Somalia's main warlord Saturday reiterated his opposition to U.N. plans to send additional troops to this fractured, starving nation.
Relief agencies, however, frustrated by the looting that has made the delivery of aid a dangerous, often impossible task, urged the United Nations to pour in thousands of troops over Gen. Mohammed Farrah Aidid's objections.The U.N. Security Council on Friday warned Somali factions to stop blocking the distribution of humanitarian aid and the deployment of additional soldiers to protect it, or take responsibility for aggravating a humanitarian nightmare.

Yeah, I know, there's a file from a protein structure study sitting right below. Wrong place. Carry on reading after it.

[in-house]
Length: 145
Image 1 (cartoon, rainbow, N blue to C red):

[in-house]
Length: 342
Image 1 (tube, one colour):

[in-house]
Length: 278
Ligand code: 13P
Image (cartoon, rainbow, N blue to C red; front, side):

But the stern words, like others from the world body, produced no change in Aidid's position.
``Any foreign troops which will be deployed . . . will create tensions,' he told a news conference. He repeated oft-made claims that his forces could provide sufficient security for aid workers and supplies.
By some estimates, half the 180,000 tons of emergency aid sent this year to Somalia has been stolen, aggravating the plight of a country where more than 100,000 people have died from drought and warfare, and 2 million more are at risk of starving.